Car travel


This is an excerpt from my website nocars.org.uk (now archived on brusselsblog.uk)

Carbon emissions from making cars

A report by Climate Central, Roadmap to Climate-Friendly Cars: 2013, concludes

Our state-by-state analysis reveals that because the manufacturing of an electric car causes more greenhouse gas emissions than manufacturing a comparable gasoline-powered car, an electric car must be driven sufficiently long distances using sufficiently low-carbon electricity for it to have lower total lifecycle greenhouse gas emissions than the gasoline-fueled car.

They give carbon emissions from the manufacture of different types of car as (converted to metric tonnes CO2e):

The UK Climate Change Act of 2008 aims to cut greenhouse gas emissions by 80% by 2050 to approximately 2.5 tonnes CO2e per year. At these estimates the emissions from the manufacture of an electric car are 5 years of this total budget. [Or 20 years of a travel budget if the total is divided equally into categories: food, housing, travel and an individual’s share of government emissions].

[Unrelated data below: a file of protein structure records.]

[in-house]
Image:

Carbon emissions from driving a car in a year

Tail pipe emissions from the SMMT for new cars in 2015 uprated a bit to 160 gm CO2/km – because published figures only account for measured tail-pipe emissions. They do not include emissions in processing and transporting oil. Distance per year for the average car is taken as 12,700 km

This makes just over 2 tonnes per year or 80% of the 2.5 tonnes per year the Climate Change Act of 2008 is aiming at for 2050…

Carbon emissions from driving an electric car in Maryland, USA

Driving Maryland’s average distance using electricity from Maryland’s electric grid in a Nissan Leaf electric car creates approximately 2.03 tonnes of CO2e.

In some US states grid electricity is much lower in carbon emissions. This is where electricity is supplied by a mixture of wind and solar power, hydroelectricity and nuclear power. Most electricity used in Vermont is from these sources. For this reason The Roadmap could estimate that emissions from driving a Nissan Leaf in Vermont creates less than 5 gm CO2e per kilometre. However, it was still reporting that the carbon emissions in making electric car was 12.3 tonnes CO2e.